which fills them with nothing but rapture.
With a whole mountain side
on which they can hide.
Ummm...eh....well damn, this poems a bust.
|Doggerel is not for horses, Beel.|
Can you tell? It's cold outside; it's been cold outside for a while now! Negative 6 at 7:00 a.m. (don't know the night's low; don't want to know). It is now positive 8* out there. The small family group that are staying with us this weekend opted to brave the cold and go for a hike in the park. Well, darn! That makes us feel like wimps, so we decide the horses would like some hay. Now we are not even trying to fool ourselves into thinking we are doing this for the horses. This is solely for our personal peace of mind - it's such a boost just getting to see them out there loose - and it gets us outdoors, if for only a short time.
We load up the truck with a couple of bales and drive the 15 minutes to their pasture. Nobody home. We decide to unload the hay and do a couple of drive-bys to peak into their open spaces. Jokingly, I tell Bill we should start beeping the horn a couple of times at home when we drive up in the truck, so they get used to the sound. He laughs and .... beeps the horn right then. We climb out, unload the hay, and head down the embankment with our load. Half way to the gate I see a white head peak out of the trees beyond the first meadow.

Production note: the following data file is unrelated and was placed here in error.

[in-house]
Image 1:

Washoe: "It is you! Hey, guys, the hay people are here." He starts to amble up, then breaks into a trot when he sees what we have just thrown onto the ground.
As we climb through the gate into the field to move the bales away from the fence, Jesse breaks out of the trees at a dead run, bucking her way up the hill. She gently nudges the bale in my hand and looks at me, like she's saying thank you. Once we set the bales down, they both dive into one of them; I swear they were purring.
Looking around, we both wonder where the old man is. Bill starts heading down the hill toward one of their favorite paths through the trees, where the grays had appeared. As he's walking, I turn to Jesse and ask her, "So, where IS the old man? Where's Ranger?" She looks off over my shoulder at a different spot. I look that way and there he comes, ripping out of the trees like some young colt from a new place. I call to Bill just as Ranger spots him in his peripheral vision, does a huge leap to the side, hesitates with one of those beautiful stallion poses you see in pictures, then says, "OH, it's only Bill," and proceeds towards us at his funny trot. All accounted for - and obviously feeling good. Gee, they look good; all sleek and shiny. Even Ranger's two-toned mane sparkles now. We do a complete rub-over of all of them. They are toned, good weight and feet in great shape. They have slimmed down; you can see Washoe's ribs a bit, but you usually can, even when he is considered 'fat'. He's just built that way. We laid our faces on their backs and you could feel all that heat emanating off them. They do like their freedom. We drove home feeling like new people.